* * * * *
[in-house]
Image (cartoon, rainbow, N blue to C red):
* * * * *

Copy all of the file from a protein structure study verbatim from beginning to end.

[in-house]
Image (cartoon, rainbow, N blue to C red):